Miami

Critical Mass cyclists cheered through Little Havana

 

jsimmons@MiamiHerald.com

Thousands of cyclists — so many it was impossible to see where the mass of riders began and ended if you were in the middle of it — turned out for Miami Critical Mass despite heavy downpours Friday night.

And authorities were prepared for them.

Miami Police had motorcycles along the route to hold up traffic to allow the cyclists to ride the route from Downtown Miami through Little Havana. The riders rode through red lights, as traffic was held up at intersections.

Traffic hold-ups at the intersections were minor, lasting only about 15 minutes.

But that was too long for one pickup truck which attempted to butt into the mass of bicyclists. The riders screamed at the driver, and gave a victory sign as they passed by.

One wheeled around the truck yelling, “Thank you, bro, thank you!”

Along Calle Ocho, bystanders drinking coffee waited outside shops to cheer as the sea of bicycles went by.

And a show it was: Riders had strollers attached to their back spokes, pulling children; people riding skateboards hung on to bicycles for the 11-mile ride; some riders had sound systems tied onto their bike racks blaring pop songs.

About halfway through the ride, the rain started.

Cyclists cheered and honked their cycle horns as they sped through the downpour.

As they rode past Fire Station No. 7 on Beacom Boulevard, a dozen firefighters blared their horns and waved back.

The fire station knew Critical Mass was coming, said Fire District Chief Julio Mestas, and had a game plan in place, which was needed.

When a call came in, a few firefighters walked out into to spinning crowd to part the way for the fire truck to get out.

“They’ll get out of the way when we need to get out,” said Mestas. “We haven’t had any problems. It’s actually pretty cool.”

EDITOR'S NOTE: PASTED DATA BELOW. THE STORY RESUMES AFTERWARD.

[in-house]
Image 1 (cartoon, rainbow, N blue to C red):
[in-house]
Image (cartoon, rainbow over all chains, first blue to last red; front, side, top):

Friday night’s Critical Mass ride was a drastic departure from June’s ride, which clogged Biscayne Boulevard and the 79th Street and Venetian Causeways. Drivers complained of being held up for an hour or longer.

Because the cyclist ride en masse, often shoulder to shoulder instead of single file or two abreast, they block lanes. They ride through red lights, not allowing traffic at intersections to cross.

But on Friday night, Miami resident Jacob Rispa waited in his car at the intersection of Southwest Eighth Street and Southwest 27th Street Friday for just 10 minutes as the cyclists passed.

“I think it’s nice. I think these people have the right to enjoy the city on their bikes,” said Rispa, 42. “There are too many cars anyway.”

Miami Critical Mass, part of a global movement designed to bring attention to cyclists’ right to the road, is held on the last Friday of each month.

The rides aren’t formally organized — there’s no official Critical Mass leader — and routes, posted at www.themiamibikescene.com, change with each ride.

The Critical Mass tradition stated in San Francisco in 1992, but it soon went international. Critical Mass rides in Miami started in 2007 with just a few dozen people, said cyclist Rydel Deed, who runs themiamibikescene.com. Now the rides regularly draw more than 2,000 cyclists.

Celebrities like Miami Heat stars Dwyane Wade and LeBron James have sometimes turned out for the rides, which begin at 7:15 p.m. at the Stephen P. Clark Government Center at 111 NW First St. and end at or near the starting point.

Cyclist and Miami resident Ann-Marie Fernandez said she’s ridden with Critical Mass at least 12 times.

She said she enjoys the ride, but also sympathizes with frustrated drivers and thinks cyclists should follow the rules of the road.

“I follow the rules, but a lot of people don’t,” she said. “That’s what gives the mass a bad name. I believe when we’re riding, we should be respectful.”

Nelson Rodriguez, 37, is an avid cyclist who rides 70 to 80 miles each week and started riding with Critical Mass last year.

“I’m just having fun,” he said before the start of Friday’s ride.

But Rodriguez said there were other reasons for riding with Critical Mass, too.

“It creates awareness, and it brings the community together,” he said.

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